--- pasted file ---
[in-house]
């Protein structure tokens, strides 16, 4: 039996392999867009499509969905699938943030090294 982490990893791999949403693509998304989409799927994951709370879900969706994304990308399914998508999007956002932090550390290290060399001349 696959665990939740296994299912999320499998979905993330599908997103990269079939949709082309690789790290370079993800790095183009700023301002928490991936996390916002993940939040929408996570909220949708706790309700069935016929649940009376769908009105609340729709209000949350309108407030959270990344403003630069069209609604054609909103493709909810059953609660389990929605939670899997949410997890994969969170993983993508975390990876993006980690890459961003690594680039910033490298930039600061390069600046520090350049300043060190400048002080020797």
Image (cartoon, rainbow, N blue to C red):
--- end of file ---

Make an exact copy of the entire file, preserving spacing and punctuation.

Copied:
[in-house]
């Protein structure tokens, strides 16, 4: 039996392999867009499509969905699938943030090294 982490990893791999949403693509998304989409799927994951709370879900969706994304990308399914998508999007956002932090550390290290060399001349 696959665990939740296994299912999320499998979905993330599908997103990269079939949709082309690789790290370079993800790095183009700023301002928490991936996390916002993940939040929408996570909220949708706790309700069935016929649940009376769908009105609340729709209000949350309108407030959270990344403003630069069209609604054609909103493709909810059953609660389990929605939670899997949410997890994969969170993983993508975390990876993006980690890459961003690594680039910033490298930039600061390069600046520090350049300043060190400048002080020797």
Image (cartoon, rainbow, N blue to C red):